by Andrew Walden
SB1, the gay marriage bill to be considered in a special legislative session beginning October 28, contains within it an implied finding that marriage-related church functions, until now regarded as non-profit, will be considered a ‘for-profit’ activity. As a result, state and possibly federal taxes will be imposed on previously tax-exempt revenues generated on or after the bill’s effective date of November 18, 2013. This will apply to all churches generating marriage-related revenue -- whether or not they accept gay marriage.
The impact stems from the fact that revenue-generating activities which are, in the words of the IRS, “substantially related to the charitable, educational, or other purpose that is the basis of the organization's exemption” are deemed to be non-profit tax-exempt revenues. Weddings performed by churches have consistently been deemed to be in furtherance of the legally recognized charitable purpose of churches organized as 501c3 non-profit corporations. SB1 would change that by legally identifying these as for-profit revenues which are therefore subject to taxation.
The text at issue reads:
5572-F Religious organizations and facilities; liability exemption under certain circumstances.
Notwithstanding any other law to the contrary, no religious organization shall be subject to any fine, penalty, injunction, administrative proceeding, or civil liability for refusing to make its facilities or grounds available for solemnization of any marriage celebration under this chapter; provided that the religious organization does not make its facilities or grounds available to the general public for solemnization of any marriage celebration for a profit.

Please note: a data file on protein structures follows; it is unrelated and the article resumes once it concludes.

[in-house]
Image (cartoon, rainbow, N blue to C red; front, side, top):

For purposes of this section, a religious organization accepting donations from the public, providing religious services to the public, or otherwise permitting the public to enter the religious organization's premises shall not constitute “for a profit.”
A legal finding that such activities are no longer a non-profit function in means that all churches generating more than $1000 in marriage-related revenue will be required to file Form 990-T. Churches anticipating a tax liability in excess of $500 will be required to pay estimated “Unrelated Business Income Tax” (UBIT) payments on a quarterly basis with form 990-W. The first state and federal estimated tax payment for 2014 will be due April 15, 2014 along with a check for federal UBIT taxes for revenues generated after November 18, 2013. State corporate income taxes for 2013 would be due April 20, 2014.
SB1 is also incorrect in form because it does not mention taxation in the bill title or description. The word “tax” appears nowhere in the text of the bill. The Hawaii Legislators’ Handbook points out: “A (bill) title must include a distinct reference to the subject matter to which it relates and also cover but one subject.”